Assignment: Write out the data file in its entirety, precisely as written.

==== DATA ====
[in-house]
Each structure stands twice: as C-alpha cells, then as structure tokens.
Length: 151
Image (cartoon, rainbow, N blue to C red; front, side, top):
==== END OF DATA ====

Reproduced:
[in-house]
Each structure stands twice: as C-alpha cells, then as structure tokens.
Length: 151
Image (cartoon, rainbow, N blue to C red; front, side, top):